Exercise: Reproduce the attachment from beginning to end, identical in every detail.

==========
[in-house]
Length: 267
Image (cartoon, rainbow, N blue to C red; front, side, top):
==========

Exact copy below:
[in-house]
Length: 267
Image (cartoon, rainbow, N blue to C red; front, side, top):